A new research has revealed that women who work in highly male-dominated occupations are more likely to experience high levels of interpersonal, workplace stress.
The research conducted by the researchers of Indiana University explained that women working in male-dominated occupations face particular challenges like social isolation, performance pressures, sexual harassment, obstacles to mobility, moments of both high visibility and invisibility, co-workers’ doubts about their competence and low levels of workplace social support.
The researchers examined daily cortisol patterns in women who work in male-dominated workplaces as this helps in measuring the level of stress that naturally fluctuates through the day and people with high levels of interpersonal stress exposure have different patterns of fluctuation than people exposed to more average levels of stress.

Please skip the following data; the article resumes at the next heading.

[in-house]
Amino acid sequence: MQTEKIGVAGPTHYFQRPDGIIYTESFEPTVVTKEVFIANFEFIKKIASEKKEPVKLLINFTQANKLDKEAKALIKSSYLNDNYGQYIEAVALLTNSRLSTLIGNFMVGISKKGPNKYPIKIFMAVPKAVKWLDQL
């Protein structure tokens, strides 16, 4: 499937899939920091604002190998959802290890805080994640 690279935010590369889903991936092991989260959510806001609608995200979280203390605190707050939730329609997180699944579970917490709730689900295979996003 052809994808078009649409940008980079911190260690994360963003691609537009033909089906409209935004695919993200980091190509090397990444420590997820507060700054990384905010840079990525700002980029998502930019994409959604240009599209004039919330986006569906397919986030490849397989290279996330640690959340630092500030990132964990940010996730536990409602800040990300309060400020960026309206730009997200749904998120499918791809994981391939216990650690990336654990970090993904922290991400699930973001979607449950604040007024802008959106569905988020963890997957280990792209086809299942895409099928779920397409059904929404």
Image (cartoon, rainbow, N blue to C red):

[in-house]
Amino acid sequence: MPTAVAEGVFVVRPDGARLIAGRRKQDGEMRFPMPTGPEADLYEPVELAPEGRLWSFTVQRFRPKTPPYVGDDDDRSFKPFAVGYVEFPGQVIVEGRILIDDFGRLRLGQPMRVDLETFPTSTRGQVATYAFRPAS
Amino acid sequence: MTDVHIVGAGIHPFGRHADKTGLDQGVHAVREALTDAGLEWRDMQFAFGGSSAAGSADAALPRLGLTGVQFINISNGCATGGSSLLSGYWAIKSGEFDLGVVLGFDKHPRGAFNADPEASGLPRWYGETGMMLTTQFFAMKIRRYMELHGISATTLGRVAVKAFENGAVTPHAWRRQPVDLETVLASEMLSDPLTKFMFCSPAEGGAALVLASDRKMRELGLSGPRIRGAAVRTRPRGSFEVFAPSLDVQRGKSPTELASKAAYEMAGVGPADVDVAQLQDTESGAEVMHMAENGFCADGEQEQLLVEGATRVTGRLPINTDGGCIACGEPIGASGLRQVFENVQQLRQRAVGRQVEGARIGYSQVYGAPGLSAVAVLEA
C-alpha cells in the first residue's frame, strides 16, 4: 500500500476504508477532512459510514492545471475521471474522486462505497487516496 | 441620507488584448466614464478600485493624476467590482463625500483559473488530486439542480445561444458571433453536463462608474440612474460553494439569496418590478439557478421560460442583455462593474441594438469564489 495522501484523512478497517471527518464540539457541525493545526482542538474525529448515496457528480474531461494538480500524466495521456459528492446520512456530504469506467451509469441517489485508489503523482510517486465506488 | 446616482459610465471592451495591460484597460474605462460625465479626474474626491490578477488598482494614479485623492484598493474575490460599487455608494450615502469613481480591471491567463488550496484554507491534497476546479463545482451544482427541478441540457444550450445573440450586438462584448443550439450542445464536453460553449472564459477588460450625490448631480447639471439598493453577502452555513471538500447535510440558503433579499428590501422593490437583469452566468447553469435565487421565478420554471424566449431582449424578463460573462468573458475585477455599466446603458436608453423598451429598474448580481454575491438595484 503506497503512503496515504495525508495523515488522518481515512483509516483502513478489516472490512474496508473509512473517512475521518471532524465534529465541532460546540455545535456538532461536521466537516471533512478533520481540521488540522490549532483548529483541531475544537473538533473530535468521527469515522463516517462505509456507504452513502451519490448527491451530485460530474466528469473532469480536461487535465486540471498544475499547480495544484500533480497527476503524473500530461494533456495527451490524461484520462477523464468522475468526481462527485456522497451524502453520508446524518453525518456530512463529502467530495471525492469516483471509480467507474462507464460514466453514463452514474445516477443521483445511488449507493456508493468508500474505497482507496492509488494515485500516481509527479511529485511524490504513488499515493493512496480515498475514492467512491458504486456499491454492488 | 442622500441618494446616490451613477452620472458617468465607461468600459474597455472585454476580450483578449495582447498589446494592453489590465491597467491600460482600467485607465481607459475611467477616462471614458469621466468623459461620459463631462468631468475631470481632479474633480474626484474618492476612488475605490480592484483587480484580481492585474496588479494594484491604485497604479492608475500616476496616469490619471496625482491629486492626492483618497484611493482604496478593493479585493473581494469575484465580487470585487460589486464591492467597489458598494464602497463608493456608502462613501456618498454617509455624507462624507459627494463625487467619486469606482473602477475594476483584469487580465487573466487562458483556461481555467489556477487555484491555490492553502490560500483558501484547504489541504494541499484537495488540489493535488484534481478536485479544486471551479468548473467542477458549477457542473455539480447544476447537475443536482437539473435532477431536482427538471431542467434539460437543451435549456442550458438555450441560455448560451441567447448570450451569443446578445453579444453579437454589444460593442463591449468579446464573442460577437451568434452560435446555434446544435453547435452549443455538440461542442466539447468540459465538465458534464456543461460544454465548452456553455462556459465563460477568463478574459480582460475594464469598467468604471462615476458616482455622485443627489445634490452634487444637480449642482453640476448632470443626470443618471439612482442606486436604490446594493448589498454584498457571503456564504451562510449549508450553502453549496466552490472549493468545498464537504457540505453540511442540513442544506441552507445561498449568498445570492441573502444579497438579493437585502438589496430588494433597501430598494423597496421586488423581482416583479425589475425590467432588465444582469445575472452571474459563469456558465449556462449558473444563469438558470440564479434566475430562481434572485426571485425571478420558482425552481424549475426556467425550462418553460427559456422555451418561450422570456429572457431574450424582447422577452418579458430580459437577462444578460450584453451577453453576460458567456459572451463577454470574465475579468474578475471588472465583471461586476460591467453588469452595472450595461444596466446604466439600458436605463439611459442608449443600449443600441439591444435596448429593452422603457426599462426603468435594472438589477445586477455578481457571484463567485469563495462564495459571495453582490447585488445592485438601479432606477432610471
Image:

Bianca Manago, a doctoral student in sociology who was involved in the research, said that women in male-dominated occupations have less healthy, or dysregulated patterns of cortisol throughout the day due to their negative working conditions.
The research also highlighted that exposure to such difficult and negative workplace climates can expose these women to chronic stress for years.
Cate Taylor, an assistant professor of sociology and gender studies who led the study, mentioned that their study provided evidence that the negative workplace social climates encountered by women in male-dominated occupations may be linked to later negative health outcomes for these women.